"...we’re incomplete, undeveloped, short of our potential. We have things to learn. We can always get better at something.... One reason that God doesn’t change is that he doesn’t need any of what we’ve just described. He doesn’t need to grow; he doesn’t need to mature; he doesn’t need to get better at anything." - Olinger
"A lot of people are bewildered, scared, frustrated about all this change... The Scripture doesn’t ignore this problem, and it doesn’t try to 'pep talk' us out of our distress with platitudes. But it does offer two truths that can stabilize us despite the instability of our world." - Olinger
Reposted from August, 2021.
Judging from what I’m seeing, hearing and overhearing lately, a lot of conservative Christians are really worked up right now. Details vary, but the general feeling seems to be that recent developments in religious liberty, LGBTQ trends, mask and vaccine “mandates,” and Afghanistan mean all we hold dear in the U.S. is now collapsing.
With the exception of Afghanistan, most of the alarm seems focused on loss of freedom. On Afghanistan, concerns are appropriately more focused now on the casualties from Thursday’s attack in Kabul. A week ago they ran the gamut from the suffering of Christians there, to national embarrassment and the frustration of our military, to betrayal of allies …to the feeling that Joe Biden is an inhumane monster.
For my part, though I have concerns about cultural trends and the Afghanistan mess, I don’t see our times as unprecedented. The word “perilous” fits, but that’s been true for a pretty long time. I don’t feel the sense of doom that many of my fellow Christians and conservatives seem to feel right now.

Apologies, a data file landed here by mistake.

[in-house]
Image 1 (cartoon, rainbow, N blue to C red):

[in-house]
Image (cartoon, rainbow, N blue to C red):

I’m sure some would say my problem is naïve optimism, arrogance, ignorance, or bias. That may be part of it, son of Adam that I am—but there are also other factors.
The disaster in Afghanistan isn’t World War II’s battle of Okinawa or Vietnam’s Battle of Ong Thanh. Admittedly, it’s hard to find historical examples of American failures bringing greater peril to American and allied civilians.
I will never forget the third Sunday in March of 2020.
On Saturday, March 14, I attended my first Prophecy Up Close event hosted by The Friends of Israel Gospel Ministry, in the Milwaukee area. That night, we drove down to Mendota, IL, to prepare for our ministry at Mendota Bible Church.
The fear of coronavirus was spreading quickly, as was the talk of locking down society—a term previously reserved for situations involving either extreme weather or an impending attack. I spoke about Biblical prophecy that day, and told the congregation that this would be a day that none of us would ever forget. And, indeed, it was. I remember reading news stories that afternoon about the emergency rules that would shortly be going into place in Illinois—all the while wondering how they related to our United States Constitution.
We stayed in our hotel that night, planning to meet a pastor for lunch on Monday. We walked over to McDonald’s for a snack to eat while we watched the final presidential primary debate, and there we caught a glimpse of what life would look like under lockdown.
The next day, as we left, our hotel clerk cried. At lunch at our restaurant, our waitress cried. Both of them feared financial ruin. We drove home, relieved to get back to Wisconsin—only to learn that the lockdowns would very quickly be following us north.